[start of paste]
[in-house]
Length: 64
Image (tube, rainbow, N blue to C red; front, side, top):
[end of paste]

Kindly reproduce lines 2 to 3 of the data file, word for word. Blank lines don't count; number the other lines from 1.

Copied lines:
Length: 64
Image (tube, rainbow, N blue to C red; front, side, top):